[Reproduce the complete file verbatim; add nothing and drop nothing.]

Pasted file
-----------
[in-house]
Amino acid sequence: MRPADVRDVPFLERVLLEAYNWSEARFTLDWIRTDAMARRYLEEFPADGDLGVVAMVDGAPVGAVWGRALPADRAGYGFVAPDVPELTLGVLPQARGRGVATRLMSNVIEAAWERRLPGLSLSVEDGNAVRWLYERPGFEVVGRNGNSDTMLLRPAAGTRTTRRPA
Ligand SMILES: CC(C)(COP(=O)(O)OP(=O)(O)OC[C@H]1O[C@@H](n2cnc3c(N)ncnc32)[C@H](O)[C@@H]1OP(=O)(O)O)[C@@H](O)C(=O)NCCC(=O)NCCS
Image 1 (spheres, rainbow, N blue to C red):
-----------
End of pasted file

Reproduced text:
[in-house]
Amino acid sequence: MRPADVRDVPFLERVLLEAYNWSEARFTLDWIRTDAMARRYLEEFPADGDLGVVAMVDGAPVGAVWGRALPADRAGYGFVAPDVPELTLGVLPQARGRGVATRLMSNVIEAAWERRLPGLSLSVEDGNAVRWLYERPGFEVVGRNGNSDTMLLRPAAGTRTTRRPA
Ligand SMILES: CC(C)(COP(=O)(O)OP(=O)(O)OC[C@H]1O[C@@H](n2cnc3c(N)ncnc32)[C@H](O)[C@@H]1OP(=O)(O)O)[C@@H](O)C(=O)NCCC(=O)NCCS
Image 1 (spheres, rainbow, N blue to C red):